This isn’t to suggest that the Germany of 2015 is more moral than the Germany of the past, but rather, that Germany’s more secure and stronger stance in the world today has been hard-won.

In addition to genuine empathy developed over the past 25 (or even 70) years, Germany’s generosity toward refugees may also be explained by the fact that its rapidly aging society needs them, and young, skilled refugees could help to fill a gnawing demand for labor. Astrid Ziebarth, of the German Marshall Fund, recently argued that Germany’s response is as pragmatic as it is idealistic. What we should really be asking ourselves, she wrote, is how Germany’s political top brass can sustain this momentum, given that there’s no efficient refugee management system in place and that one country can’t solve the crisis alone. There’s also the issue of how mainly non-white refugees might fuel right-wing populist flames, which is an issue that confronts Germany with frightening regularity.

But this is a challenge to which Germany is finally suggesting it can rise. The image of a welcoming Germany stands in stark contrast to what we’re seeing elsewhere: refugees suffocated in the back of a truck in Austria, razor-wire fences in Hungary, and a United States that’s staying quiet on the other side of the Atlantic, despite having the wherewithal, if not the moral drive, to help. 25 years after reunification, Germany is no longer using the bones of history to constrain itself, but rather, to show that it can be more than its history.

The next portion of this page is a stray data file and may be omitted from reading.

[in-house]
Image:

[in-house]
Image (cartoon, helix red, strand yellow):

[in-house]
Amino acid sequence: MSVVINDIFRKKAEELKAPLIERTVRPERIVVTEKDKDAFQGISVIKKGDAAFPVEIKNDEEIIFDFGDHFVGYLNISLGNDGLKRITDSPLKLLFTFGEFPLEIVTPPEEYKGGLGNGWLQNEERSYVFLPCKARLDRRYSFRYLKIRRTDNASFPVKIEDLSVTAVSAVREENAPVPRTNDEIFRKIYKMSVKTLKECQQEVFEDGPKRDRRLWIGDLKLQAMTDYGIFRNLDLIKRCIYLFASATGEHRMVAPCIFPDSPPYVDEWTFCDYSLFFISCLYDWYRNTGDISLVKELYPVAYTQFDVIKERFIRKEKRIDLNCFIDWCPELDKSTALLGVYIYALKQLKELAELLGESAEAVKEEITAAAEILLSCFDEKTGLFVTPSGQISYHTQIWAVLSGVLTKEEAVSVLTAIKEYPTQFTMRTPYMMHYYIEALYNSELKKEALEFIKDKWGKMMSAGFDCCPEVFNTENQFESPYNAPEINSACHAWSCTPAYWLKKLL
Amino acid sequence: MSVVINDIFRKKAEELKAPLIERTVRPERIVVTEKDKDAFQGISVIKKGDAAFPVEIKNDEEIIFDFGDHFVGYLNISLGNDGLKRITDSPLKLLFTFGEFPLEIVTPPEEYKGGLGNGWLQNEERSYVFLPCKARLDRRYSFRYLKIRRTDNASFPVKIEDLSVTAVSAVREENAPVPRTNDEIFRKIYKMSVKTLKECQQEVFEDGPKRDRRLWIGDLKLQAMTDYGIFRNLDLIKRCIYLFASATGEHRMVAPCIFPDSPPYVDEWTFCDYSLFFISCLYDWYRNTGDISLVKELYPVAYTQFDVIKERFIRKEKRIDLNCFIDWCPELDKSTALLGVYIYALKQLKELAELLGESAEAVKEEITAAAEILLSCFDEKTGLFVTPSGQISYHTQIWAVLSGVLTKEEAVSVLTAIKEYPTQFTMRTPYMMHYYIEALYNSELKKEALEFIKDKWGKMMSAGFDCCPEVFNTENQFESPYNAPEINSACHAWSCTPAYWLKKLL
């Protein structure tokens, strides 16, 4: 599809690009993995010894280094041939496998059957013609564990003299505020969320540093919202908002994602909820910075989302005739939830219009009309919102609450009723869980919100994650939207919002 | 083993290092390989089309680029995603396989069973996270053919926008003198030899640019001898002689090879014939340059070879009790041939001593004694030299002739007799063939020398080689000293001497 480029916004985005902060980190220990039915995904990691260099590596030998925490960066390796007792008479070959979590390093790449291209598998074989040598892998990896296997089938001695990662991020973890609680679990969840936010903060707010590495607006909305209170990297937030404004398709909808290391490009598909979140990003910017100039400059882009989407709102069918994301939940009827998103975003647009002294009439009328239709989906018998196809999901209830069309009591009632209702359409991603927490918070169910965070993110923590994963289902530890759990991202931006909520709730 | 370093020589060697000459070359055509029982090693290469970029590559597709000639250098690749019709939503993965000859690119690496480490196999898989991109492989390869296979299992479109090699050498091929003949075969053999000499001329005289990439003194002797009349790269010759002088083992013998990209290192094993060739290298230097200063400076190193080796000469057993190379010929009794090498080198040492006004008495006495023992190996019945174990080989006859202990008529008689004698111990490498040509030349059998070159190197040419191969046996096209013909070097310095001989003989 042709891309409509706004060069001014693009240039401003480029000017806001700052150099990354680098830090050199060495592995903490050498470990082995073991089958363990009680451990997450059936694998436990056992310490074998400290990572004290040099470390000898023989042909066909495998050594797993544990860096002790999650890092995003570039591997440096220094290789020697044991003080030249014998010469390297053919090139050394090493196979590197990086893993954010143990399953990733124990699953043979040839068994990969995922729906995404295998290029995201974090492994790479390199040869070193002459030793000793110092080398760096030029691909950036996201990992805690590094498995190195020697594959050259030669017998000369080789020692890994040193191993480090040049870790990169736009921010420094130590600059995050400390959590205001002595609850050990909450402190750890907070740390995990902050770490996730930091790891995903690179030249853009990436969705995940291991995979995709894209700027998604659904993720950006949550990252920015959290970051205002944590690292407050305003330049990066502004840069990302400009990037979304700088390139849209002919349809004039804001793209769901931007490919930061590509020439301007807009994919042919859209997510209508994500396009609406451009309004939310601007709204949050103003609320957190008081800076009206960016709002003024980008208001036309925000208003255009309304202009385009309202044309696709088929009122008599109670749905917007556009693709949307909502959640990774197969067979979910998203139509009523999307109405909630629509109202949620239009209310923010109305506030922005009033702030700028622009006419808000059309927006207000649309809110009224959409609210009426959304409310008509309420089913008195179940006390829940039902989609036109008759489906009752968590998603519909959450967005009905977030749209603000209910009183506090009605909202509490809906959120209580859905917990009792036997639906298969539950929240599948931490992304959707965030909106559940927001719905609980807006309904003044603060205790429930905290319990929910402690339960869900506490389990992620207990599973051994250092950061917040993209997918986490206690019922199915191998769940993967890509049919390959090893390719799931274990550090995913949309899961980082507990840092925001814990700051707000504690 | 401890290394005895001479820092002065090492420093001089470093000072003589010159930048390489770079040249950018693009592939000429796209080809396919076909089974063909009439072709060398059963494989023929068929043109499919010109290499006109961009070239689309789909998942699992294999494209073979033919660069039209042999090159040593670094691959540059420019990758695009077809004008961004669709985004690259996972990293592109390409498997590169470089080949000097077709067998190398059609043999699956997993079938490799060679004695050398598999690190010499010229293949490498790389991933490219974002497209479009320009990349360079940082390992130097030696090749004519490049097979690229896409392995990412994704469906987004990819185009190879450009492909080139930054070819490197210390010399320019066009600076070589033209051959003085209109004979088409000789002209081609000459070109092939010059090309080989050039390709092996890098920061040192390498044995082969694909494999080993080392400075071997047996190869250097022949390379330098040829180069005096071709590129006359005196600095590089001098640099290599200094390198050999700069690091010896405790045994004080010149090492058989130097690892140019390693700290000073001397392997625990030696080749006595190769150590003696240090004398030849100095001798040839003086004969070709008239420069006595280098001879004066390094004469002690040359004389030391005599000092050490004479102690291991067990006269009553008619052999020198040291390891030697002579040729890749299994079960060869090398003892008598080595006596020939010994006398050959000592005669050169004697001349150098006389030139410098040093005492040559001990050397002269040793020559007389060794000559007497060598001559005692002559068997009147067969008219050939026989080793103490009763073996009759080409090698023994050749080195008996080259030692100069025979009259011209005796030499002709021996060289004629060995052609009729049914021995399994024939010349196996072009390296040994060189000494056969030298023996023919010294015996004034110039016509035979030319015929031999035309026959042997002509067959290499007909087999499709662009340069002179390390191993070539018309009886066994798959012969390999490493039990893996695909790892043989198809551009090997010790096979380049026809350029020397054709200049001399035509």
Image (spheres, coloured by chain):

25 years ago, the question was how to bring East and West Germans back together in Germany. Today, it’s how to accept more of the world into Germany, and how to bring more of Germany to the rest of the world.


Brandon Tensley is the assistant editor at New America.